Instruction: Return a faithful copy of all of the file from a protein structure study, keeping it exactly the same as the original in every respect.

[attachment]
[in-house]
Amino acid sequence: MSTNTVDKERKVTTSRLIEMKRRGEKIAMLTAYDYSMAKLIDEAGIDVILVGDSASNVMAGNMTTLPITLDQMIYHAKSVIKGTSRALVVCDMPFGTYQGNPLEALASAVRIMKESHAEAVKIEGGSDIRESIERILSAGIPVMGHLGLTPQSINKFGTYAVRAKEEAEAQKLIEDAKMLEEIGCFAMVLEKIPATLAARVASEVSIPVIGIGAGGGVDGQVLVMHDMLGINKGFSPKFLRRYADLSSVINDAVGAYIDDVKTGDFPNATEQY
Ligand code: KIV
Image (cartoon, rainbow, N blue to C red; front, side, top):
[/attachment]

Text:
[in-house]
Amino acid sequence: MSTNTVDKERKVTTSRLIEMKRRGEKIAMLTAYDYSMAKLIDEAGIDVILVGDSASNVMAGNMTTLPITLDQMIYHAKSVIKGTSRALVVCDMPFGTYQGNPLEALASAVRIMKESHAEAVKIEGGSDIRESIERILSAGIPVMGHLGLTPQSINKFGTYAVRAKEEAEAQKLIEDAKMLEEIGCFAMVLEKIPATLAARVASEVSIPVIGIGAGGGVDGQVLVMHDMLGINKGFSPKFLRRYADLSSVINDAVGAYIDDVKTGDFPNATEQY
Ligand code: KIV
Image (cartoon, rainbow, N blue to C red; front, side, top):